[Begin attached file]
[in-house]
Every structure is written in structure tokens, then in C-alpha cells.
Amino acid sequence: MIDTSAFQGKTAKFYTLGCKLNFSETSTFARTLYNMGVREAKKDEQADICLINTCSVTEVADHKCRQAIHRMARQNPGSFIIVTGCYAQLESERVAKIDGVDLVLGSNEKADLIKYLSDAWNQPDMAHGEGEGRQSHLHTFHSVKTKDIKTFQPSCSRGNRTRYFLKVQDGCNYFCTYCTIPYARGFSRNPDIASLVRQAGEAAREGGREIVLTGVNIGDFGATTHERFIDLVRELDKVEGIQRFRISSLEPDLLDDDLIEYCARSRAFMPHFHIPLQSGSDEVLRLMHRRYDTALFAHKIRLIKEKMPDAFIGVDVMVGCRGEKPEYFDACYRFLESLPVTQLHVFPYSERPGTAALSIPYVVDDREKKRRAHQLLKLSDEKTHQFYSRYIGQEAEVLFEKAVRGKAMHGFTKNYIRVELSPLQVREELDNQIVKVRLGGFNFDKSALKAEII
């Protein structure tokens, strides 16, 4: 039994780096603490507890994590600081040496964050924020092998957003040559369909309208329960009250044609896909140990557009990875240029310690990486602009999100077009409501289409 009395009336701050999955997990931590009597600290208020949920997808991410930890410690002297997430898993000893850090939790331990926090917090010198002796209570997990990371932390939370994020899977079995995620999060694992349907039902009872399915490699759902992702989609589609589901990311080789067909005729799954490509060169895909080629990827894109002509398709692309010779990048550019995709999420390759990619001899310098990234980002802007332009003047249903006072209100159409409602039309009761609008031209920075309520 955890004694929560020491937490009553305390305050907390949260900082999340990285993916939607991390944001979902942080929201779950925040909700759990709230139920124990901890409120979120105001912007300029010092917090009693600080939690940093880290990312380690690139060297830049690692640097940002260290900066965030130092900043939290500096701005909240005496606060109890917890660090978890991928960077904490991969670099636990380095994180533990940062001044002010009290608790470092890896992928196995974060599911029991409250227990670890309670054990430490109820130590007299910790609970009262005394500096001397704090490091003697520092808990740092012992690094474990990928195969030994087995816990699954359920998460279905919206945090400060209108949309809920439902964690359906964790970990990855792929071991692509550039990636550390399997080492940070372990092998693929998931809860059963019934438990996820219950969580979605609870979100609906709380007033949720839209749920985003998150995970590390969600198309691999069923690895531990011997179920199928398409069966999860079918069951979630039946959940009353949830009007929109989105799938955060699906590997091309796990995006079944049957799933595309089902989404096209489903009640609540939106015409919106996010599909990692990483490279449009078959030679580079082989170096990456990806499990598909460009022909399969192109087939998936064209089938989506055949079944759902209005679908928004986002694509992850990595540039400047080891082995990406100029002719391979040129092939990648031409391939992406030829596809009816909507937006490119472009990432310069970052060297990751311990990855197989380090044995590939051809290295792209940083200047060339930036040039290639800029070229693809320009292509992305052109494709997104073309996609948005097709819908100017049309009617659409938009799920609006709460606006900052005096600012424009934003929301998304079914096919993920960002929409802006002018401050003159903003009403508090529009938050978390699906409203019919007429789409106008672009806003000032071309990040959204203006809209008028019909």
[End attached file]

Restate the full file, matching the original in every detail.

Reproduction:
[in-house]
Every structure is written in structure tokens, then in C-alpha cells.
Amino acid sequence: MIDTSAFQGKTAKFYTLGCKLNFSETSTFARTLYNMGVREAKKDEQADICLINTCSVTEVADHKCRQAIHRMARQNPGSFIIVTGCYAQLESERVAKIDGVDLVLGSNEKADLIKYLSDAWNQPDMAHGEGEGRQSHLHTFHSVKTKDIKTFQPSCSRGNRTRYFLKVQDGCNYFCTYCTIPYARGFSRNPDIASLVRQAGEAAREGGREIVLTGVNIGDFGATTHERFIDLVRELDKVEGIQRFRISSLEPDLLDDDLIEYCARSRAFMPHFHIPLQSGSDEVLRLMHRRYDTALFAHKIRLIKEKMPDAFIGVDVMVGCRGEKPEYFDACYRFLESLPVTQLHVFPYSERPGTAALSIPYVVDDREKKRRAHQLLKLSDEKTHQFYSRYIGQEAEVLFEKAVRGKAMHGFTKNYIRVELSPLQVREELDNQIVKVRLGGFNFDKSALKAEII
């Protein structure tokens, strides 16, 4: 039994780096603490507890994590600081040496964050924020092998957003040559369909309208329960009250044609896909140990557009990875240029310690990486602009999100077009409501289409 009395009336701050999955997990931590009597600290208020949920997808991410930890410690002297997430898993000893850090939790331990926090917090010198002796209570997990990371932390939370994020899977079995995620999060694992349907039902009872399915490699759902992702989609589609589901990311080789067909005729799954490509060169895909080629990827894109002509398709692309010779990048550019995709999420390759990619001899310098990234980002802007332009003047249903006072209100159409409602039309009761609008031209920075309520 955890004694929560020491937490009553305390305050907390949260900082999340990285993916939607991390944001979902942080929201779950925040909700759990709230139920124990901890409120979120105001912007300029010092917090009693600080939690940093880290990312380690690139060297830049690692640097940002260290900066965030130092900043939290500096701005909240005496606060109890917890660090978890991928960077904490991969670099636990380095994180533990940062001044002010009290608790470092890896992928196995974060599911029991409250227990670890309670054990430490109820130590007299910790609970009262005394500096001397704090490091003697520092808990740092012992690094474990990928195969030994087995816990699954359920998460279905919206945090400060209108949309809920439902964690359906964790970990990855792929071991692509550039990636550390399997080492940070372990092998693929998931809860059963019934438990996820219950969580979605609870979100609906709380007033949720839209749920985003998150995970590390969600198309691999069923690895531990011997179920199928398409069966999860079918069951979630039946959940009353949830009007929109989105799938955060699906590997091309796990995006079944049957799933595309089902989404096209489903009640609540939106015409919106996010599909990692990483490279449009078959030679580079082989170096990456990806499990598909460009022909399969192109087939998936064209089938989506055949079944759902209005679908928004986002694509992850990595540039400047080891082995990406100029002719391979040129092939990648031409391939992406030829596809009816909507937006490119472009990432310069970052060297990751311990990855197989380090044995590939051809290295792209940083200047060339930036040039290639800029070229693809320009292509992305052109494709997104073309996609948005097709819908100017049309009617659409938009799920609006709460606006900052005096600012424009934003929301998304079914096919993920960002929409802006002018401050003159903003009403508090529009938050978390699906409203019919007429789409106008672009806003000032071309990040959204203006809209008028019909």